It is human nature to want what we can’t have. I want my loans paid off. I want to buy trendy clothes. I want to be stylin’ in my shoes. But sadly, or maybe gratefully, I can’t pay off my loans; I can’t afford the New York style of clothes; and well, I can only wear one pair of shoes at a time.
To want isn’t really a bad thing, to want in excess is where we as Americans get into trouble. It was the want for something more that lead us West. It was the want to save lives that developed penicillin. It was the want to be connected world wide that lead us to the computer. It’s not bad to want. But wanting can take us over. There are two commandments that help us keep our wants in check—the Ninth Commandment: “Thou shall not covet your neighbor’s wife;” and the Tenth Commandment: “Thou shall not covet your neighbor’s belongings.” These two commandments teach us to be a people of gratitude.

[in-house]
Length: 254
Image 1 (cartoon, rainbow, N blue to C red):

God asks that we are happy with what we have and not seek material possessions for the sake of having more. If we focus on what we have and see that all we have as blessings and gifts from God then we can be content. In our spouses and “significant others,” if we seek what gifts and talents they bring to our relationships and not focus on their flaws we begin to see how they compliment us and enhance our already blessed life. Gratitude, for the wealth of gifts in our lives—a spouse/significant other, children, friends, education, job, and even the challenges that we meet in life— is the correct response to the God who gave them to us.